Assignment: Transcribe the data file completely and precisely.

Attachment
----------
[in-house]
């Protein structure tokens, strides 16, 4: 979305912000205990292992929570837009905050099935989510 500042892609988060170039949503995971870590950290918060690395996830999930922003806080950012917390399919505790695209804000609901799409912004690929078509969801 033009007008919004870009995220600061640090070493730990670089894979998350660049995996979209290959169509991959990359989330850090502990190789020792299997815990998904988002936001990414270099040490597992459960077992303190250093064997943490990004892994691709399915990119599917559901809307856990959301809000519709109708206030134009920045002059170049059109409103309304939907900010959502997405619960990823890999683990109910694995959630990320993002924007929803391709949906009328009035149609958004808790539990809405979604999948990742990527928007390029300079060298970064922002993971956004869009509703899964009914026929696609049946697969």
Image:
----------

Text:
[in-house]
């Protein structure tokens, strides 16, 4: 979305912000205990292992929570837009905050099935989510 500042892609988060170039949503995971870590950290918060690395996830999930922003806080950012917390399919505790695209804000609901799409912004690929078509969801 033009007008919004870009995220600061640090070493730990670089894979998350660049995996979209290959169509991959990359989330850090502990190789020792299997815990998904988002936001990414270099040490597992459960077992303190250093064997943490990004892994691709399915990119599917559901809307856990959301809000519709109708206030134009920045002059170049059109409103309304939907900010959502997405619960990823890999683990109910694995959630990320993002924007929803391709949906009328009035149609958004808790539990809405979604999948990742990527928007390029300079060298970064922002993971956004869009509703899964009914026929696609049946697969």
Image: